Last updated on: 1/15/2010 | Author:

David B. Allison, PhD Biography

Professor of Biostatistics and Head of the Section on Statistical Genetics at the University of Alabama at Birmingham
to the question "Is Obesity a Disease?"

“The scientific approach would be well suited to answering the question ‘is obesity a disease?’ rather than ‘should we consider obesity a disease?,’ were the former question answerable.

However… the former question is ill posed and does not admit an answer. This is not because of a lack of agreement or understanding about obesity but rather because of a lack of a clear, specific, widely accepted, and scientifically applicable definition of ‘disease’ that allows one to objectively and empirically determine whether specific conditions are diseases.”

“Obesity as a Disease: A White Paper on Evidence and Arguments Commissioned by the Council of The Obesity Society,” Obesity journal, Apr. 24, 2008

[Editor’s Note: Prior to the Not Clearly Pro or Con statement above made on Apr. 24, 2008, Dr. Allison had a different statement about obesity as a disease.]

Obesity, defined as a body mass index (BMI, kg/m2) or percentage body fat in excess of some cut-off value, though clearly a threat to health and longevity, lacks a universal concomitant group of symptoms or signs and the impairment of function which characterize disease according to traditional definitions. While it might nevertheless be possible to achieve a social consensus that it is a disease despite its failure to fit traditional models of disease, the merits of such a goal are questionable. Labeling obesity a disease may be expedient but it is not a necessary step in a campaign to combat obesity and it may be interpreted as self-serving advocacy without a sound scientific basis.”

“Is Obesity a Disease?,” International Journal of Obesity, Oct. 2001

Involvement and Affiliations:
  • Senior Scientist, Comprehensive Diabetes Center, University of Alabama at Birmingham, 2008–present
  • Director, Nutrition & Obesity Research Center, University of Alabama at Birmingham, June 2003-present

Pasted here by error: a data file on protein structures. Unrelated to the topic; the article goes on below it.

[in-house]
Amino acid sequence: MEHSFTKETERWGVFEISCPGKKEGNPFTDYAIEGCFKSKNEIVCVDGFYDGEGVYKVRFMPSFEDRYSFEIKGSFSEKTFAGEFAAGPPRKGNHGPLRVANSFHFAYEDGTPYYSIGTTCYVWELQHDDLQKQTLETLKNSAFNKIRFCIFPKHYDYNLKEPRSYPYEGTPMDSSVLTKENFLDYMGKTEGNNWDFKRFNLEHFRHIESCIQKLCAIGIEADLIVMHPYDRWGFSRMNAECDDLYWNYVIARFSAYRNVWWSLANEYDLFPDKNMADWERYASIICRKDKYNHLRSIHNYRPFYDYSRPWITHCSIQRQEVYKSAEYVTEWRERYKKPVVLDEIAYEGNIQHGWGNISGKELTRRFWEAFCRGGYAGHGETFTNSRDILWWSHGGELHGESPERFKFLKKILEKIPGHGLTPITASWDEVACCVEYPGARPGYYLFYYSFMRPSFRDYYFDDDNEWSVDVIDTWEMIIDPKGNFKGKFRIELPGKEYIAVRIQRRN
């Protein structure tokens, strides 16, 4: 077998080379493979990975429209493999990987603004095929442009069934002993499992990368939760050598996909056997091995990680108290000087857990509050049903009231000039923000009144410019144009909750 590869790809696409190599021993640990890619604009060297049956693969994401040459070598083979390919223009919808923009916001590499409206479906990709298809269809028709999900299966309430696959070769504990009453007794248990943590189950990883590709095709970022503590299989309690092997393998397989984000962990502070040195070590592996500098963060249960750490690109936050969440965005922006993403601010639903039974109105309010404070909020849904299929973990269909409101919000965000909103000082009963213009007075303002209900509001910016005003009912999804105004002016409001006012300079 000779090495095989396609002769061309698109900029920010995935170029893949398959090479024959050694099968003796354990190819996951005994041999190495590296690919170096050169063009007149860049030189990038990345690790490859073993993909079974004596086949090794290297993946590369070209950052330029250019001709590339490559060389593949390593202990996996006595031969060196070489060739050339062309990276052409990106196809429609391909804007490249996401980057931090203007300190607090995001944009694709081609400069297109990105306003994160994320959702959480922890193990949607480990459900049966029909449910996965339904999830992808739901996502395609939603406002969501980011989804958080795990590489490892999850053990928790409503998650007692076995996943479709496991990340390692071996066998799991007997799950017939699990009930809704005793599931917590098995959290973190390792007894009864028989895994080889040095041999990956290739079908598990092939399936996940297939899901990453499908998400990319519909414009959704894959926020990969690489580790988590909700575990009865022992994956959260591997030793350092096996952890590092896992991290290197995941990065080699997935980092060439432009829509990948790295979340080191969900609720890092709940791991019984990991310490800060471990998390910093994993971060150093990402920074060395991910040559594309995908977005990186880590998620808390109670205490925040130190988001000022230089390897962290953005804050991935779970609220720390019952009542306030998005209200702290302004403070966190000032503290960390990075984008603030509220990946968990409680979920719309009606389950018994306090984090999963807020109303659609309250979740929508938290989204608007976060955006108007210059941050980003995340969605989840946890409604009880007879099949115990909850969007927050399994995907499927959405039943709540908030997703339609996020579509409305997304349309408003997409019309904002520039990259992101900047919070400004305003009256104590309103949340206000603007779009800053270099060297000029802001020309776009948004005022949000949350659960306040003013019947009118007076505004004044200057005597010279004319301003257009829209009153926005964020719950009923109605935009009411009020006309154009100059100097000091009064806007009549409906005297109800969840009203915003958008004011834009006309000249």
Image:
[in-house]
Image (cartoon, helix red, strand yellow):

• Senior Scientist, Comprehensive Cancer Center, University of Alabama at Birmingham, 2003-present
  • Member, Board of Trustees, International Life Science Institute, North America, 2002-present
  • Professor of Biostatistics, University of Alabama at Birmingham, Mar. 2001-present
  • Head, Section of Statistical Genetics (SSG), Department of Biostatistics, University of Alabama at Birmingham, 2001-present
  • American Psychological Association, 2008
  • Fellow, American Statistical Association, 2007
  • Associate Director of Clinical Nutrition Research Center, 2001-2003
  • Recipient, Presidential Award for Excellence in Science, Mathematics, and Engineering Mentoring (PAESMEM), 2006
  • Consultant to Food and Drug Administration’s (FDA) on the validity of weight loss product claims, 2002–2004
  • Recipient, Lilly Scientific Achievement Award, The Obesity Society (TOS), 2002
  • Recipient, Andre Mayer Award, International Association for the Study of Obesity, 2002
  • Associate Research Scientist, New York Obesity Research Center, Saint Luke’s/Roosevelt Hospital Center, June 1994- Mar. 2001
  • PhD, Clinical and School Psychology, Hofstra University, 1990
  • MA, Clinical and School Psychology, Hofstra University, 1987
  • BA, Psychology, 1985
  • Post-doctoral fellowship, National Institutes of Health (NIH)-funded New York Obesity Research Center at St. Luke’s/Roosevelt Hospital Center, 1991-1994
  • Post-doctoral fellowship, Johns Hopkins University School of Medicine, 1990-1991